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Anti-tourism protests spread to Greece with holidaymakers told to ‘go home’

Graffiti has now appeared on the walls of Athens as growing anti-tourism protests now flare up in Greece.

Messages including ‘tourists go home’ have been daubed on walls of the ancient capital – a long-time popular destination for holidaymakers – while one particularly large piece of graffiti, covering most of the side of a house, read ‘tourists enjoy your stay in the cemetery of Europe’, apparently referring to Athens’ reputation as the continental capital of antiquity and the claim that large numbers of residents are being priced out of it.

The protests come at a similar time to the demonstrations in Spain by residents who have grown tired of the impact of too many tourists. As The Mirror reports, locals and holidaymakers are increasingly at odds in Athens.

Residents have long complained about huge flocks of tourists blocking streets and causing excessive noise while the spread of Airbnbs and other holiday lets is being blamed for rising property prices. Last month there were protests on the streets demanding change, with chants of: “They are taking our houses while they live in the Maldives”.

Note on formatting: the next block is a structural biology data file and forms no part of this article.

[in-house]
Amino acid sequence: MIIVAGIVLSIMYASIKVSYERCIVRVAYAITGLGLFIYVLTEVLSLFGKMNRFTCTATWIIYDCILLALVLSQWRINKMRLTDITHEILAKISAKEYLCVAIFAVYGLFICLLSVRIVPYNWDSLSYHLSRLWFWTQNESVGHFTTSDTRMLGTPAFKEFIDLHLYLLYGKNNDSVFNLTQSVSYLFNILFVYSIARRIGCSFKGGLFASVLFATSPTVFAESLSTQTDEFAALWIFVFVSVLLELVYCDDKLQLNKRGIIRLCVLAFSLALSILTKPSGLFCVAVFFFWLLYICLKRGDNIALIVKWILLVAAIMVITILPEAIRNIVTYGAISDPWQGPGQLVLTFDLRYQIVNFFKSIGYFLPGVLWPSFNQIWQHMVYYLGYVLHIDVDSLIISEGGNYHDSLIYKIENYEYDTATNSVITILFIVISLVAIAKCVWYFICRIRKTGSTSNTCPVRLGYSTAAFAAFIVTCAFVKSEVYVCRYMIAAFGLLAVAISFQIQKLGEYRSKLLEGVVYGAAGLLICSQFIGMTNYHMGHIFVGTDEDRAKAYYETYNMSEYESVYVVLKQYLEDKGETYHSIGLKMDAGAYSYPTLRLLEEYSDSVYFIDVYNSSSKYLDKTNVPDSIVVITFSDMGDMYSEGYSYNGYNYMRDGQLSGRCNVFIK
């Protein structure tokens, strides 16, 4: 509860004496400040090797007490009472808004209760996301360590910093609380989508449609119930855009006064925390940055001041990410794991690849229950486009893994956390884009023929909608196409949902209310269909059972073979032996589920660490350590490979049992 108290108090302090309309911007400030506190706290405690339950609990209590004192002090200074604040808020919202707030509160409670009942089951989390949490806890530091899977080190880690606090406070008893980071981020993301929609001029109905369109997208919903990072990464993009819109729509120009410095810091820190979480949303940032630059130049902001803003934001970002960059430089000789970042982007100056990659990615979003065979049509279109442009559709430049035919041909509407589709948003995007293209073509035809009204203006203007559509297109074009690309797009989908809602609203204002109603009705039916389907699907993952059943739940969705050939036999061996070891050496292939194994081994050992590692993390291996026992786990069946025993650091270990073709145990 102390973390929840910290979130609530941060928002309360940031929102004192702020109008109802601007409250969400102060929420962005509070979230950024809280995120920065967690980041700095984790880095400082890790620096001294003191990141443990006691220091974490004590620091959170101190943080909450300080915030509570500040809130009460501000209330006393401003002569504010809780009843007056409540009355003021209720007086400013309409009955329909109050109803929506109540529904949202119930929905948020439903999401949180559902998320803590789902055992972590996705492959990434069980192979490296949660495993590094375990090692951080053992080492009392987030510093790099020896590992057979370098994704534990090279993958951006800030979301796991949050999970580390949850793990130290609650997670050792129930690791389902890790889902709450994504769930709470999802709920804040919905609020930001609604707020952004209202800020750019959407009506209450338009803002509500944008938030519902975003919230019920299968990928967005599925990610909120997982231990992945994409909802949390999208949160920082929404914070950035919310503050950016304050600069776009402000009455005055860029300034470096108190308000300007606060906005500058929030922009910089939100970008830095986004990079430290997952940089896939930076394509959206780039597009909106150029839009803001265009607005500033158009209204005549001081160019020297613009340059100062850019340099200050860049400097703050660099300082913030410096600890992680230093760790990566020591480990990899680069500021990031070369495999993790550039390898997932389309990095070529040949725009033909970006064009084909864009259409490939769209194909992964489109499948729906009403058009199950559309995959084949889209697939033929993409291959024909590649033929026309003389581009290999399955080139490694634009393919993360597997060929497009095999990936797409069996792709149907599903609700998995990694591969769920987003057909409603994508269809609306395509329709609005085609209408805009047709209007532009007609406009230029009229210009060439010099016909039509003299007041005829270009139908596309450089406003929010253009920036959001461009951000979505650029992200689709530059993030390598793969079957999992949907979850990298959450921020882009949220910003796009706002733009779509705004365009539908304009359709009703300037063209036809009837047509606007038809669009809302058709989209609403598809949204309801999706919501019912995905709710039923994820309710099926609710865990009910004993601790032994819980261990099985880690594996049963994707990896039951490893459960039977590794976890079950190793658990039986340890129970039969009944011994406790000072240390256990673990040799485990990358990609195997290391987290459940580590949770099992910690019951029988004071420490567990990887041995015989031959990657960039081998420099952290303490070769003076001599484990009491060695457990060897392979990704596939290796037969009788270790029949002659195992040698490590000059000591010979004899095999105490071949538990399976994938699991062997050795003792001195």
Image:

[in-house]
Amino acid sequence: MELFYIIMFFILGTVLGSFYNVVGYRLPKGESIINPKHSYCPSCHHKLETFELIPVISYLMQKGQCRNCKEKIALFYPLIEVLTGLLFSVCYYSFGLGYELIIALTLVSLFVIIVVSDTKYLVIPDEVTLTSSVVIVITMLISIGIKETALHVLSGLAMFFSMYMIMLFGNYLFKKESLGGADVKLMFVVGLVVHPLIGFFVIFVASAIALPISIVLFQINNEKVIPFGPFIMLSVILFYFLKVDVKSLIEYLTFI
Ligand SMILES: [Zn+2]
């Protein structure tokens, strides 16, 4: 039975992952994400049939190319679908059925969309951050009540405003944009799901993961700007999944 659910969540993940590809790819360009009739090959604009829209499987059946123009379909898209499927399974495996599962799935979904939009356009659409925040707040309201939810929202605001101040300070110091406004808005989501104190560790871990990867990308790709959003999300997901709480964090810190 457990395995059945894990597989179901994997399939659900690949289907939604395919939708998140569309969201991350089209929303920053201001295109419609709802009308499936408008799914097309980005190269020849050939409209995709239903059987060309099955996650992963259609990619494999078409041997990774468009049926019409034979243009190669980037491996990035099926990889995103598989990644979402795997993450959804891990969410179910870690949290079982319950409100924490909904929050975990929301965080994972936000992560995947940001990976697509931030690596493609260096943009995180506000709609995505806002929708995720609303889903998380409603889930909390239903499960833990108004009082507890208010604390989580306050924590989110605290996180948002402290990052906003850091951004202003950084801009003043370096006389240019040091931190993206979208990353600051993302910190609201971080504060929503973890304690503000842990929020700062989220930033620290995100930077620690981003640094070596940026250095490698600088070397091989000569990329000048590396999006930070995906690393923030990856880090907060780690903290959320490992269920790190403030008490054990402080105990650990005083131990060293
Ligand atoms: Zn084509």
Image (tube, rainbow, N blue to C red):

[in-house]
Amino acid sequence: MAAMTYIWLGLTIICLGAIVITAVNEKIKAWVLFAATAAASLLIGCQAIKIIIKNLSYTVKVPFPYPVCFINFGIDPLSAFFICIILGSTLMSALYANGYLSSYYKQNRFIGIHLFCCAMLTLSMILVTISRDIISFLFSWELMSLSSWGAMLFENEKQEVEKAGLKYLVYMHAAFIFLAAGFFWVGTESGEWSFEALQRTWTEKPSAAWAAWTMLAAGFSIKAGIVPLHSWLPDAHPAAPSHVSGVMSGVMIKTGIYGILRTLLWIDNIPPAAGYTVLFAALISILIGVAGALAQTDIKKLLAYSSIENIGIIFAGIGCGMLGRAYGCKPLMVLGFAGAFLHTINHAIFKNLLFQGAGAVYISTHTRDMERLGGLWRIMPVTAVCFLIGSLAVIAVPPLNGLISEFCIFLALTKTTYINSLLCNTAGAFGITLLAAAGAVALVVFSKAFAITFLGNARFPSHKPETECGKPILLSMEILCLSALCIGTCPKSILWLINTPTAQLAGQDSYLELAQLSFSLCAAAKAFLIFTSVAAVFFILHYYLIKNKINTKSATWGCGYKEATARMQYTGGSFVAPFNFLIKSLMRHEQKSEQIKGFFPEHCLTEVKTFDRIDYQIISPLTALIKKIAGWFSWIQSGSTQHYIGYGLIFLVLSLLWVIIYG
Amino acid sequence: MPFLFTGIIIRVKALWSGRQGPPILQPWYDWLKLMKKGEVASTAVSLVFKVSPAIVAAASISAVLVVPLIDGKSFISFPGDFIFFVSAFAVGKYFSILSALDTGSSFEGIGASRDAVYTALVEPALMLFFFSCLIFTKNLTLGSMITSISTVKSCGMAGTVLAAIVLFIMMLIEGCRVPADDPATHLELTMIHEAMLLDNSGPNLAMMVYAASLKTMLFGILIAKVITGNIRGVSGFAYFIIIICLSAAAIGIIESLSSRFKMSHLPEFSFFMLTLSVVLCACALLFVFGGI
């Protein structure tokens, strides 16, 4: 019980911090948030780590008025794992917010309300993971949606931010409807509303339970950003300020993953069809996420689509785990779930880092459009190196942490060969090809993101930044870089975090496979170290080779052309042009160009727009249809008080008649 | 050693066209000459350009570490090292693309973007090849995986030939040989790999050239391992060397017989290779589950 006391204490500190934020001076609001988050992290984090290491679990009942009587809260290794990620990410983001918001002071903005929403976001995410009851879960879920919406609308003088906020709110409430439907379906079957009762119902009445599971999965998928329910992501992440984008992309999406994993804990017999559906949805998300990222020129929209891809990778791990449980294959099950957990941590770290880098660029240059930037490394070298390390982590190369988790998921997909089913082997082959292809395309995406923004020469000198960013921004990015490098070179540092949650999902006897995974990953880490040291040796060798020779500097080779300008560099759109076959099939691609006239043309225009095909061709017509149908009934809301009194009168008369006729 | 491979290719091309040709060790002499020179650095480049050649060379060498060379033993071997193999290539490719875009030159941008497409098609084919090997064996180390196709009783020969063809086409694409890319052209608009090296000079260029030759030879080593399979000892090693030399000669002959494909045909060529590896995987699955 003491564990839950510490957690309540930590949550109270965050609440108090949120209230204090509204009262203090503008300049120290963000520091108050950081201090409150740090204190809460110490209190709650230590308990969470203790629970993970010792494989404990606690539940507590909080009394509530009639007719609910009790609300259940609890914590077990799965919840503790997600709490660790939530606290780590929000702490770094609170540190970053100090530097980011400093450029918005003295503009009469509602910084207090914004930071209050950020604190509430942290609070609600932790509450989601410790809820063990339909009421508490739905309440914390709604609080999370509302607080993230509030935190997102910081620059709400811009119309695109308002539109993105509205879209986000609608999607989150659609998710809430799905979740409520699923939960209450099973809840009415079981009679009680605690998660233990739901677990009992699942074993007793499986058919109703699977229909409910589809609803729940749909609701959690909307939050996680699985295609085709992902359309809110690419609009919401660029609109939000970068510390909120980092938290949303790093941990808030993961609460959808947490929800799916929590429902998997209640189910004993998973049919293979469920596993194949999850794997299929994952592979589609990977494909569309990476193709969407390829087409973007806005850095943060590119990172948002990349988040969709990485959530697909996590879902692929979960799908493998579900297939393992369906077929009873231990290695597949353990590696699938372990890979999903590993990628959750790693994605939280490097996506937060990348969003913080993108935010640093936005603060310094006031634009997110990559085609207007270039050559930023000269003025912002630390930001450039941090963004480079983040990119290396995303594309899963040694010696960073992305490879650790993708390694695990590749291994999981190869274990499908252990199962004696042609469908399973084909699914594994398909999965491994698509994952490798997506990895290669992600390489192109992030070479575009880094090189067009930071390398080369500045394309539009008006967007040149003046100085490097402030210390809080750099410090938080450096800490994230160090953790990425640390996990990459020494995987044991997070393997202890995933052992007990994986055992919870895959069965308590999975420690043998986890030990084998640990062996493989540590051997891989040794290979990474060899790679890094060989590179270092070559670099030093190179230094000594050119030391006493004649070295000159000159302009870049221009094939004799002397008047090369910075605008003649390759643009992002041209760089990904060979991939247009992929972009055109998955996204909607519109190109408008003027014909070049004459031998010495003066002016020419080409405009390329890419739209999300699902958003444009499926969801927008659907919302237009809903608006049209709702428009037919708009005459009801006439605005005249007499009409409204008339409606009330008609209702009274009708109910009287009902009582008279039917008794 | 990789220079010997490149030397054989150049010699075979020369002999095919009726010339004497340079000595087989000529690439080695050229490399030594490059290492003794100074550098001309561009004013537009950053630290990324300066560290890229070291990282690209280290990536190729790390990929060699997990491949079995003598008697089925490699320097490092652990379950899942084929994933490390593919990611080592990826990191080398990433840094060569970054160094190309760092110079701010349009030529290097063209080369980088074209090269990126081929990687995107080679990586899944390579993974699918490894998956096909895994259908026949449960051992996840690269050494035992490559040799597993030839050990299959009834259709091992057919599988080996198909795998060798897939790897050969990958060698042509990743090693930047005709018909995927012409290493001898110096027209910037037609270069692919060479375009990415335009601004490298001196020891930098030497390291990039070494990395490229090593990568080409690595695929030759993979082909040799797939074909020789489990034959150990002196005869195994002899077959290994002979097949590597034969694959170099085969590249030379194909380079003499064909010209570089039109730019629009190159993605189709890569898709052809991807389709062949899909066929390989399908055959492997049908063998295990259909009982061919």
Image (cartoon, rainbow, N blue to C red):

A local called Anna Theodorakis, who was apparently forced out of her house in Metaxourgio, Athens, told France24: “I think the answer is to go in the streets and block everything and just not do something because people are losing their homes.” Dimitri, a property developer, said that “80% of this neighbourhood are Airbnbs”, adding: “Tourists who come here want to see the Greek culture so if no more Greeks are living here, tourists won’t want to come.”

Greece is said to be heavily reliant upon tourism, which made up a fifth of its GDP in 2022. More than 40% of disposable income in Greece is spent on housing – higher than in any other European country.

Meanwhile, seven in 10 Greeks under the age of 34 still live with their parents. Short-term holiday rental figures have surged by 500% in less than a decade, added the report, as increasing numbers of homeowners and landlords attempt to cash in upon the record-breaking numbers of people now visiting Greece.

There were 33.4 million tourists last year: about 6.7m of them arriving at Athens’ Eleutherios Venizelos Airport, according to the Association of Greek Tourist Enterprises. Concerns of over-tourism in Athens are nothing new.

Last year the capital was put on a ‘No Travel’ list compiled by Foder’s Travel. The American outlet claimed Athens is one of the many great historical settlements being eroded and damaged due to out-of-control tourism.

It said there is a fear that if the surge of visitors continues unchecked then Athenian boroughs will culturally erode and disappear.

The city’s Acropolis – home to the Parthenon, the Erechtheion, and the Propylaea entrance – is said to be the biggest tourist attraction in Greece and is visited each day by almost 17,000 people. In recent years visitors to the symbol of ancient Greek civilization have also complained that large crowds, as well as intense heat, have marred their experience of it.

View news Source: https://www.chroniclelive.co.uk/whats-on/travel-tourism/anti-tourism-protests-spread-greece-29178444

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